In the present study, we employed the CRISPR/Cas9 system to edit VvCCD7 and VvCCD8 genes in grapevine (41B rootstock). After transformation of 41B embryogenic cells, Sanger sequencing assay was performed to detect the targeted mutations. The results showed that the designed sgRNAs could effectively direct the targeted editing in both genes (Fig. 2b). The whole plants were obtained through regeneration, and transgenic plants were identified and selected by PCR. Only 6 CCD8-sgRNA plants were found to contain exogenous Cas9 gene (Fig. 3b). The lack of antibiotics-dependent selection and low regeneration rate of 41B cells in this experiment are probably responsible for low rate of transgenic plants obtained. Among the 6 transgenic plants, 4 were identified as ccd8 mutants (Fig. 3a). As expected, the ccd8 mutants exhibited increased shoot branching, which is in agreement with previous reports [13, 15, 16, 24]. Except for Plant #5, all mutants had at least 3 shoots, whereas WT plants generally had only one shoot (Fig. 3d). According to the sequencing results, Plant #5 might be heterozygous or chimeric (Fig. 3e), suggesting a possible relationship between the number of shoots and SLs concentration in grapevine. Off-target effect is a major concern when applying CRISPR/Cas9 technology. We therefore investigated the putative genomic off-target loci of CCD8-sgRNA, and no off-target mutation was observed (Additional file 2: Figure S2). These results ruled out the possibility that the altered shoot branching observed in ccd8 mutants was caused by the presence of off-target mutations.

Interestingly, the ccd8 mutants obtain with 41B rootstock could serve for grafting experiments in order to further study the role of SLs in the control of grapevine shoot branching. Finally, whether VvCCD7 plays a same role in shoot branching is remains unclear and has yet to be investigated. To go further in this direction, new attempt to regenerate ccd7 mutant plants could be achieved in the future.


Collectively, our results showed that CRISPR/Cas9 system can be successfully used to knock out VvCCD7 and VvCCD8 genes in grape. Additionally, the study of VvCCD8 knockout grapevine plants revealed the key role of this gene in the control of shoot branching, therefore providing a first clue to investigate the mechanisms involved in the regulation of shoot architecture in grapevine.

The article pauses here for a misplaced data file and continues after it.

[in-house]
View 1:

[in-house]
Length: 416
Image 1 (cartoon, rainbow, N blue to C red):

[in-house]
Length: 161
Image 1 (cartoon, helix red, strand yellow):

Design of sgRNA and construction of genome editing vectors

The target regions of VvCCD7 and VvCCD8 genes were amplified from 41B embryogenic cells by PCR with primers CCD7-F/R and CCD8-F/R, respectively. The amplified fragments were verified by Sanger sequencing. The verified sequences were used as an input for sgRNA design with the online tool CRISPR-P v2.0 [35]. The potential off-target sites were predicted simultaneously with this tool. The designed sgRNAs were then ligated into the pCACRISPR/Cas9 vector via homologous recombination (HR). PCR cloning, sgRNA design and plasmid construction were conducted as previously described [26]. The pCACRISPR/Cas9 vector was digested with SmaI and XhoI to remove the hptII (hygromycin phosphotransferase II) gene, and the EGFP gene (NCBI accession: NC_025025) amplified from pCAMBIA2300-EGFP vector was inserted into the linearized pCACRISPR/Cas9 vector via HR using the ClonExpress II One Step Cloning Kit (Vazyme, China). The primers used in the experiment are available in Additional file 4: Table S1.

Plant material, transformation and regeneration

The embryogenic grape cells derived from 41B rootstock (Vitis vinifera cv. Chasselas × Vitis berlandieri) were graciously provided by Dr. F. Lecourieux (EGFV, Université de Bordeaux), and the cells were cultured as previously described [36]. In brief, the suspension cells were subcultured weekly in 25 mL of liquid glycerol-maltose (GM) medium containing 1 mg L− 1 naphthoxy acetic acid (NOA) in the dark.

The constructed binary vectors were introduced into Agrobacterium tumefaciens strain EHA105 by the freeze-thaw method, and the 41B embryogenic cells were transformed using the A. tumefaciens co-cultivation method [37]. After co-cultivation, the grape cells were first washed twice with liquid GM medium and then subcultured every other day in GM medium supplemented with 200 mg/L timentin for 1 week. Then the cells were collected and divided into small groups (~ 0.5 cm2) for EGFP detection.

For induction of embryogenesis, 41B cells were transferred onto solid hormone-free regeneration medium (GM medium without NOA) under a 16-h photoperiod with white fluorescent lights. Plants regenerated on McCown woody plant medium (Duchefa) supplemented with 3% sucrose, 0.2 mg/L naphthalene acetic acid (NAA), 0.5 mg/L activated charcoal, 7.5 g/L agar under long-day (16 h light/8 h dark) conditions.

Extraction of genomic DNA and PCR identification of exogenous T-DNA insertion

Genomic DNA was prepared using the CTAB plant genomic DNA extraction kit (Aidlab, China) according to the manufacturer’s instructions. The isolated DNA was used as the template for PCR. The PCR reaction was performed with Cas9-specific primers (Additional file 4: Table S1) using Es Taq DNA polymerase (CWBIO, China) according to the manufacturer’s protocol. The PCR products were detected by 1% agarose gel electrophoresis and were further confirmed by Sanger sequencing.